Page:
Cat Health

Poisonous Plants !!!

Many house plants are poisonous to cats.  The
following is a
partial list of plants that are toxic to
your cat:

Amaryllis (Amaryllis sp.)
Autumn Crocus (Colchicum autumnale)
Azaleas and Rhododendrons   (Rhododendron
Castor Bean (Ricinus communis)
Chrysanthemum (Chrysanthemum sp.)
Cyclamen (Cyclamen sp.)
English Ivy (Hedera helix)
Kalanchoe (Kalanchoe sp.)
Lilies (Lilium sp.)
Marijuana (Cannabis sativa)
Oleander (Nerium oleander)
Peace Lily (Spathiphyllum sp.)
Pothos (Epipremnum aureum)
Sago Palm (Cycas revoluta)
Spanish thyme (Coleus ampoinicus)
Tulip and Narcissus bulbs (Tulipa and Narcissus
Yew (Taxus sp.)

You can also visit the Pet Poison Helpline for their Top 10 Plants Poisonous to Pets, and the
ASPCA for their extensive list of Toxic and Non-Toxic Plants.

Call the Pet Poison Helpline at 1-855-213-6680.

What to Watch For:
Since many plants are irritants, especially for the gastrointestinal tract, most symptoms
seen will be the result of irritation or inflammation, such as redness, swelling, or itchiness of
the skin or mouth.

If the toxic principle directly affects a particular organ, the symptoms seen will be related to
that organ. For example:

Difficulty breathing (if the airways are affected)
Drooling or difficulty swallowing (if the mouth, throat, or esophagus is affected)
Vomiting (if the stomach or intestines are affected)
Diarrhea (if the intestines or colon are affected)
Excessive drinking and urinating (if the kidneys are affected)
Fast, slow, or irregular heart beat (if the heart is affected)

Immediate Care:

If you see your cat eating a plant and you are uncertain if it is poisonous, or if you suspect
your cat ate such a plant within the past 1 to 2 hours, you can do the following before you
take him to your veterinarian:

Remove any plant material from the hair and skin.
If it necessary, you can wash the cat with warm water and a little non-irritating dish soap.
The identity of the plant is very important for determining treatment. If you don’t know what
kind of plant it is and you can bring it with you, do so. Veterinarians don’t receive much
training in plant identification, but every effort needs to be made to identify the plant. If your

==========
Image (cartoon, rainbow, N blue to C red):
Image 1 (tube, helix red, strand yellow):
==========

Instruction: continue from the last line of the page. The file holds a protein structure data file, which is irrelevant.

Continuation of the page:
cat has vomited at all, try to collect some it for the doctor.

Call the Pet Poison Helpline at 1-855-213-6680.

Veterinary Care:

The best diagnosis is made by identifying the plant. Your veterinarian will give your cat a
physical exam, and order such tests as necessary to determine the overall health of your
cat. These tests are especially necessary if the plant is known to target specific organs.

Once your cat has vomited, your veterinarian may give him activated charcoal to absorb any
of the toxic principle that may be in the gut. Your vet may administer medication like
sucralfate, which protects the damaged areas of the stomach.

Supportive care, such as intravenous fluids or anti-inflammatory medication will be used as
needed, especially if the gastrointestinal tract is severely affected.

Living and Management:
Some plants are fatal for cats when ingested, regardless of how quickly and excellent the
care may be. This is usually true of lilies. Other plants may cause enough damage that
prolonged aftercare in the form of medication or special diet is needed. Be sure to follow
your veterinarian’s instructions.

Take whatever steps you can to protect your cat from exposure to poisonous plants. This
includes removing such plants from your home and yard.  For additional important
information see  
Pet MD


Do Not Feed Your
Cat the Following !!!

Alcoholic beverages
Chocolate (all forms)
Coffee (all forms)
Fatty foods
Macadamia nuts
Moldy or spoiled foods
Onions, onion powder
Raisins and grapes
Yeast dough
Products sweetened with xylitol
Warm Weather Hazards

Animal toxins—toads, insects, spiders,   snakes and scorpions
Blue-green algae in ponds
Citronella candles
Cocoa mulch
Compost piles Fertilizers
Flea products
Outdoor plants and plant bulbs
Swimming-pool treatment supplies
Fly baits containing methomyl
Slug and snail baits containing metaldehyde


Common examples of human medications that can be potentially
lethal to pets, even in small doses, include:

Pain killers
Cold medicines
Anti-cancer drugs
Diet Pills
Cold Weather Hazards

Liquid potpourri
Ice melting products
Rat and mouse bait

Common Household Hazards

Dryers / Washing Machines /  Dishwashers /
Refrigerators / Freezers
Fabric softener sheets
Post-1982 pennies (due to high concentration of

Holiday Hazards

Christmas tree water (may contain fertilizers and
bacteria, which, if ingested, can upset the
Electrical cords
Ribbons or tinsel (can become lodged in the
intestines and cause intestinal obstruction—
most often occurs with kittens!)
Glass ornaments

This page is dedicated to the
loving memories of
and Liberty
especially kittens, these items may
CAUTION! cause intestinal

Rubber Bands
Other stringy things